from The American Heritage® Dictionary of the English Language, 4th Edition
- n. A system of classification based on the phylogenetic relationships and evolutionary history of groups of organisms.
from Wiktionary, Creative Commons Attribution/Share-Alike License
- n. : An approach to biological systematics in which organisms are grouped based upon synapomorphies (shared derived characteristics) only, and not upon symplesiomorphies (shared ancestral characteristics).
from WordNet 3.0 Copyright 2006 by Princeton University. All rights reserved.
- n. a system of biological taxonomy based on the quantitative analysis of comparative data and used to reconstruct cladograms summarizing the (assumed) phylogenetic relations and evolutionary history of groups of organisms
Sorry, no etymologies found.
The term nested in cladistics is used precisely in the same sense as in nested hierarchy.
The basic idea behind cladistics is that members of a group share a common evolutionary history, and are "closely related," more so to members of the same group than to other organisms.
It also appears that the word "nested" in cladistics isn't used how the rest of the world uses the word.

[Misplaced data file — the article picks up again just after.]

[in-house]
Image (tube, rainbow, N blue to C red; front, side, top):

I said the way the word "nested" is used in cladistics is not the same way as it is used in nested hierarchy.
I imagine it's rather important in cladistics to be able to differentiate between homologous traits and analogous traits.
I have already provided a reference that says cladistics is not the same as Linnean classification, yet you seem to conflate the two.
So cladistics is a reductive method, stripping a defined set of taxa, that have for sure one trait in common, of all distinguishing, autapomorphic traits to arrive at sets of plesiomorphic traits that are common to all taxa in the monophylitic clade.
The way "nested" is used in cladistics the only nesting is because someone put it there.
Also "nested" in cladistics just means that someone put them there as an ancestor.
In biology cladistics is an analytical approach to a defined set of taxa.